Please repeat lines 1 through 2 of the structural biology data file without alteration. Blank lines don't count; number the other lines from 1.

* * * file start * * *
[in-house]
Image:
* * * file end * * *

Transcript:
[in-house]
Image: